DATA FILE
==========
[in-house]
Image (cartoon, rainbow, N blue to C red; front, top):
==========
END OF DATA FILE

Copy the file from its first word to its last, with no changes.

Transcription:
[in-house]
Image (cartoon, rainbow, N blue to C red; front, top):